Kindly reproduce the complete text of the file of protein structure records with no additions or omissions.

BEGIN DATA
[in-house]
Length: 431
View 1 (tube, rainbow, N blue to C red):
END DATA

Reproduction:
[in-house]
Length: 431
View 1 (tube, rainbow, N blue to C red):